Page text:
The U.K.’s data protection watchdog said Thursday online travel services company Think W3 Ltd. was fined 150,000 pounds ($254,677) for allegedly failing to secure consumers’ financial information, resulting in the theft of more than 1 million credit card and debit card records.

  • July 25, 2014

    UK Man Again Charged With Hacking US Government

    An alleged British hacker has been indicted for allegedly breaking into computers and pilfering data from the FBI, U.S. Department of Energy and other agencies, federal prosecutors in Virginia said Thursday, marking the third set of related charges levied against the man in nine months.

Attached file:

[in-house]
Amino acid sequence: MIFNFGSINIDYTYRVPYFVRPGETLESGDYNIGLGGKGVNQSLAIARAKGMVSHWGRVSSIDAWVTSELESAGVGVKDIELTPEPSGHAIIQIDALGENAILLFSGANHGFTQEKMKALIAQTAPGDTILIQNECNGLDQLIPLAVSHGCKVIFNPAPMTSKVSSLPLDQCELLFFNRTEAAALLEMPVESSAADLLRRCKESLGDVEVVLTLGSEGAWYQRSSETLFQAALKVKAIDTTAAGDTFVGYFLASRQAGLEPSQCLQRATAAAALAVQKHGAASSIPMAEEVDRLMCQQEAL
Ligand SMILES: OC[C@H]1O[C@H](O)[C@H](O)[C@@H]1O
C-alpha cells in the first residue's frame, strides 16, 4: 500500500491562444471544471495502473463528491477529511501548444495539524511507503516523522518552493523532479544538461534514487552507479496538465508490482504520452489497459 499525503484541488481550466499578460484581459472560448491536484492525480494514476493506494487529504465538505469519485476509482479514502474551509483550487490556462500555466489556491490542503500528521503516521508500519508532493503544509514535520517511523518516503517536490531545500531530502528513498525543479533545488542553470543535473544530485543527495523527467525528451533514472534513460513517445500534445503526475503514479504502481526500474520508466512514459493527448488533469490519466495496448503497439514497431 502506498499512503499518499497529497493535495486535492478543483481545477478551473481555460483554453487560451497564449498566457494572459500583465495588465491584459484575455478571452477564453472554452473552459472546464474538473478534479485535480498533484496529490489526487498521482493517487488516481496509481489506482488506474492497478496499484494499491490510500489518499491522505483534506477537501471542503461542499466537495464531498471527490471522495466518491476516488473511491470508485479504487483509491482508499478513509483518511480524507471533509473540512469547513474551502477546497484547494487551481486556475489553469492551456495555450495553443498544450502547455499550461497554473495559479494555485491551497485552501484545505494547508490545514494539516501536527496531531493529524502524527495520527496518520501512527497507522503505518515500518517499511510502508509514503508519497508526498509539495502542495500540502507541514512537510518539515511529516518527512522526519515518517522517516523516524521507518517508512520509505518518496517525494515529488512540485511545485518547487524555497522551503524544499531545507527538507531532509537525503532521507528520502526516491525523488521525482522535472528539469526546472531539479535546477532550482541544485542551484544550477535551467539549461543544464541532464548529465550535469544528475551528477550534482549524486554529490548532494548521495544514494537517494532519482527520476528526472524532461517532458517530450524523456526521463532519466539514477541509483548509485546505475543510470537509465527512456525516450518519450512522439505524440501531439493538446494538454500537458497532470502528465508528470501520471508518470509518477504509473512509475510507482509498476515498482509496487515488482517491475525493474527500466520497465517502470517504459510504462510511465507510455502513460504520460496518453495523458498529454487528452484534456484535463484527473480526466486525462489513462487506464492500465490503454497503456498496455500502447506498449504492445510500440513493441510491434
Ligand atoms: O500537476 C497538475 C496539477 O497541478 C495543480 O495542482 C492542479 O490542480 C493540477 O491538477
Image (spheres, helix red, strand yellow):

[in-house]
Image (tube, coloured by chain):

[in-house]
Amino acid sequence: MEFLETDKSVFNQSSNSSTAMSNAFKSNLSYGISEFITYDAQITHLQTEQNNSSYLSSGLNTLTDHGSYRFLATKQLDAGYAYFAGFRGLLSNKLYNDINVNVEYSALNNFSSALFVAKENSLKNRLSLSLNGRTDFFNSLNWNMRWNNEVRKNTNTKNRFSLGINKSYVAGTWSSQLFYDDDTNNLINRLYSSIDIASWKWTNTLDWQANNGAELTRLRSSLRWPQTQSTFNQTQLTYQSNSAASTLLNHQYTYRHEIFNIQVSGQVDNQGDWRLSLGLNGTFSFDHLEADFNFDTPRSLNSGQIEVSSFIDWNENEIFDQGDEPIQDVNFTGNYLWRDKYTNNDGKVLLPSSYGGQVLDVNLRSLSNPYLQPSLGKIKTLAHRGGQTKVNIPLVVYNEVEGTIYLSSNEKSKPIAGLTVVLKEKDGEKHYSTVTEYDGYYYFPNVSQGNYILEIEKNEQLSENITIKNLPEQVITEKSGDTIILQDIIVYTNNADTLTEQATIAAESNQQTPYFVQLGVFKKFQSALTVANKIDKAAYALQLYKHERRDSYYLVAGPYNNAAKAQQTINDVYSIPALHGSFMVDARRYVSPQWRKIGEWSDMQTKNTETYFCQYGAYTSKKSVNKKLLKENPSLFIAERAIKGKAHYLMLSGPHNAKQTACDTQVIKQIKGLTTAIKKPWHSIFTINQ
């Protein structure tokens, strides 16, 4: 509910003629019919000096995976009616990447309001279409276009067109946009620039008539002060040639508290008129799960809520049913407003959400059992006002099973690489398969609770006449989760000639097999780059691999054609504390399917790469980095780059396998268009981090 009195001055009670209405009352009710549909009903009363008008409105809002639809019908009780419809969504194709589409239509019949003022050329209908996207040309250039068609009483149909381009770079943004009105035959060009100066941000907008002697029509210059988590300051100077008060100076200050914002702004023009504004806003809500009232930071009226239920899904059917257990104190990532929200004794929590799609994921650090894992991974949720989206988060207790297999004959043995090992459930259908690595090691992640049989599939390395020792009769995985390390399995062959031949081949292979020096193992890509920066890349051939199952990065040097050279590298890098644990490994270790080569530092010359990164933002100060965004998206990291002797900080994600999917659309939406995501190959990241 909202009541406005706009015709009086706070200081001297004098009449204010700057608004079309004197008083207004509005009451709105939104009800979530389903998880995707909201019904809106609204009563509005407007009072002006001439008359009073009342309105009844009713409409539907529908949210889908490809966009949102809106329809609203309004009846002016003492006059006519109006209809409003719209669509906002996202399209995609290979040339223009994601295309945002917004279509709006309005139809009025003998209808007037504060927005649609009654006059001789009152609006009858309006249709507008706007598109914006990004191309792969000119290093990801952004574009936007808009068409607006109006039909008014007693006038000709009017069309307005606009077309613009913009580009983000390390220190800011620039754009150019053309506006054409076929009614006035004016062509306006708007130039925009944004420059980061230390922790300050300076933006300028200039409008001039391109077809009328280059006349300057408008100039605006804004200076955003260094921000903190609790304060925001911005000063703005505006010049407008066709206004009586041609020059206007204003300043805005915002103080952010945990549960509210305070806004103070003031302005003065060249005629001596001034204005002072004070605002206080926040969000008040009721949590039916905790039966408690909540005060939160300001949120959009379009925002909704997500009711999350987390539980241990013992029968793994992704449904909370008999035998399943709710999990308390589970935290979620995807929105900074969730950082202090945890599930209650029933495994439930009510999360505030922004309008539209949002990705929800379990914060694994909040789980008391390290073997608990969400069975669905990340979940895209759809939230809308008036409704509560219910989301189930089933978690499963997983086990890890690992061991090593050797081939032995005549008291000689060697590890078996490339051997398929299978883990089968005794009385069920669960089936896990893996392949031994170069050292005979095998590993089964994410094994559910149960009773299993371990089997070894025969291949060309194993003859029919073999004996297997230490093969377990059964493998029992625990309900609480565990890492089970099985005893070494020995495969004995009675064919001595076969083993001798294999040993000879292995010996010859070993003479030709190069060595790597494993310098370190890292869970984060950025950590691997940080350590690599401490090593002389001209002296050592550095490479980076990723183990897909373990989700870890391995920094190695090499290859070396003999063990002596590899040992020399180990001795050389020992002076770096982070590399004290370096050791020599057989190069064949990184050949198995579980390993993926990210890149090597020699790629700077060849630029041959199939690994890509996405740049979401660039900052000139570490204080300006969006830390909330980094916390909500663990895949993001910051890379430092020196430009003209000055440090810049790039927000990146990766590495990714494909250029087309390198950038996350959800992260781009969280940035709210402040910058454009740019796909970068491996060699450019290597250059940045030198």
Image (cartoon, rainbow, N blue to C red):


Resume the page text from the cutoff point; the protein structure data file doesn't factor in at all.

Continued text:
• July 25, 2014

    Latvian Virus Programmer Can Be Extradited to US, Court Says

    The European Court of Human Rights on Thursday ruled that Latvian Gozi virus ringleader Deniss Čalovskis can't escape being extradited to the U.S. to face charges alleging he stole personal bank account information and infected more than 40,000 computers in the U.S., but said the Latvian courts should not have detained him while the extradition decision was pending. 

  • July 25, 2014

    Citi's LavaFlow Pays $5M To Settle SEC Data Leak Charges

    Citigroup Inc. unit LavaFlow Inc., a leading alternative trading platform, agreed Friday to pay $5 million to settle U.S. Securities and Exchange Commission charges of failing to protect confidential trading data, marking the latest action regulators have taken against off-exchange trading venues.

  • July 24, 2014

    Wis. High Court Sides With Police In Cellphone Tracking Suits